Friday, December 9, 2011

The poverty line of happiness…

video platformvideo managementvideo solutionsvideo player

Follows is my Toasmaster speech which I am doing next week as a key note:

In the world bank global poverty indicators, the poverty headcount ratio is at $1.25 a day (PPP)
(% of population) 41.7% in 1990 to 25.2% in 2005.  As more and more people come out of physical poverty they are faced with a different type of poverty, a poverty of mental happiness.

In an interview the following dialog takes place between Oprah and the Dalai Lama:
Oprah: Though many Americans have read your book about happiness, some still don't understand how to achieve it. How can someone attain true happiness in a culture that emphasizes materialism? 


Dalai Lama: Even when a person has all of life's comforts—good food, good shelter, a companion—he or she can still become unhappy when encountering a tragic situation. Physical comforts cannot subdue mental suffering, and if we look closely we can see that those who have many possessions are not necessarily happy. In fact, being wealthy often brings even more anxiety. On the other hand, those who don't have a life filled with luxury may have a home filled with compassion, based on their choice to be content and to practice self-discipline. Even when we have physical hardships, we can be very happy.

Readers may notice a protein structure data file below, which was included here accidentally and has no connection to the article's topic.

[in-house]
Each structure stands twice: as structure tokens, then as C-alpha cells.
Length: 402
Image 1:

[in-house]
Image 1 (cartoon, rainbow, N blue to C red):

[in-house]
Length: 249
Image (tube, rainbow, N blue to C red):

Oprah: So happiness begins in our minds?


Dalai Lama: Yes. That's why mental happiness is more important than physical comfort. Physical comfort comes from the material. But material facilities cannot provide you with peace of mind.
Read more: http://www.oprah.com/omagazine/Oprah-Interviews-The-Dalai-Lama/2#ixzz1g71lsmro

According to NIH, at least 1 in 4 Americans suffer from some sort of mental health problem every year.  

Is this what we want to bring the rest of the world into? by lifting them out of a poverty of physical needs to a poverty of mental health.  Do we just replace one set of suffering with a different more difficult set of suffering to solve?